The devils theatre

Is this the real life?

is this just fantasy?

Am I in a nightmare?

I have to pinch my skin red to prove to myself that this is real. Now the city of Cuzco from afar: terracotta tiles, whitewashed walls, the old Spanish churches, the dark mahogany shops and the shiny well worn steps – all enveloped in verdant green hills, all this conspires to make you feel at ease. Surely this is paradise on earth?

But there is something that bothers me, an itch, and the more time I spend here, the more I scratch this itch, the more it reddens, and the more ill at ease I become. There is something not right, something that is bothering me, something utterly diabolical, something simple, something that only a devil could conjure, something most people are blind to, something so depressingly sad and heart breaking – that I am compelled; at times, to impulsive random acts of charity – to ease the rift in my soul.

This city has two faces. The well to do imperious tourist faces – strutting their stuff, haughty, aloof, god-like – and the faces of the ordinary working citizens of Cuzco, who feed off the tourists. Sitting in the central square for only ten minutes it all becomes clear to me. One is accosted and approached by all manner of ‘bottom feeders’ – there is the nine year old boy who sells ponchos. He has tried to sell me a poncho four times already. I feel compelled to buy one just for him, but alas – I resist. Then there is the old women begging for her pension money! The young kids trailing behind their mother, the youngest crying on the mother’s back, and the others bored and restless…I overtake the mother, and she has tears in her eyes and she is only a child herself! She has tears and her little one is crying too! I stuff 20 soles into child’s hand and flee…they look on bewildered at this random act of kindness – from a stranger. It’s nothing really. Why did I do it? – It was the little kid on her back, dirty cheeked, eyes red, and the mother – barely 17, shuffling along hardly able to stand on her two feet – and trailing behind her, her old mother. A family! A family of peasants lost in this big, unfriendly city where nobody cares.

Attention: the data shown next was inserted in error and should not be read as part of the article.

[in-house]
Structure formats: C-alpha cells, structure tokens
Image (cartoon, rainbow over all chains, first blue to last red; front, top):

When I stuffed that note in her hands, a woman passing by looked to me, blessed me with her hands. Blessed me! This is ridiculous, I am anything but a saint – but this place, seems positively evil. These people shuffle about the city, from noon till night, like rats scurrying from place to place, person to person, earning a pittance, by begging us, begging me, to buy their wares. To go to their recommended restaurants (so they can earn a small commission) – the shoe shine boy wants to clean my shoes, the little girl watches me eat my ice-cream. I can’t take it anymore so I buy her one. This is a theatre of the devil. A city where good folk strive and struggle all day long, all week long, all month long, all year long, all life long – to eek out a living, to feed themselves and their children and families. Is this a life? This is merely an existence. I don’t know, maybe they have happiness in their lives? What do I know? Maybe it is the simple happiness of coming home, legs tired, hungry – and filling your belly with a warm hearty meal, followed by  a blissful sleep in the cradle of drugged out tiredness. They must sleep well. They have no uncertain future. There are no surprises. No highs and no lows. Just the same routine day in day out.